Relocating for one’s work is a great American tradition. But engineering a relocation is no simple matter. Ignoring for a moment the obvious question – should you relocate for a job?
– you still have to figure out how and when to make this happen. After all, there’s more involved than simply packing the car.
For one thing, there’s the sticky issue of housing. One of the unspoken outcomes of our great housing disaster has been the loss of mobility for thousands of families – coupled with the forced mobility of thousands more. It seems like half the people who want to move can’t do it, due to being “under water” on their mortgages. When you owe more money than your home is worth, you’re almost forced into sitting still. Then there are those who could sell their houses, if they could only find buyers. And finally, there are the families who want nothing more than to stay put, but who must move due to a foreclosure.
What a mess. But suppose you do manage to relocate for work – should you rent or buy once you get there?
The answer used to be obvious. Everyone from executives to warehouse workers knew that you should rent for a while, look for the neighborhood you like best, then settle down with a home mortgage. But these days, the better answer might be to stick with the rental, for reasons relating to both the housing market and the job market. That’s because now you have more to worry about than just the price of real estate – you also have to worry that you’ll lose your job.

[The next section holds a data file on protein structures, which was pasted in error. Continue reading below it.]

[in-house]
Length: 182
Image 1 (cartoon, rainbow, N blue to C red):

Ironically, for some families, the solution to problems on both ends of the relocation might come down to the same thing: Not letting go of the first home when making the move. Not everyone wants to be a long-distance landlord, but the idea has appeal when it means not having to find a buyer for the first home, while also having a safe place to return if the relocation fails.
My conclusion? Things are very complicated for relocators right now, and are likely to stay that way for some time to come. It will be interesting to see if employers step up to the plate to offer richer relocation packages, or back away from national searches altogether and look harder in their own backyards for talent.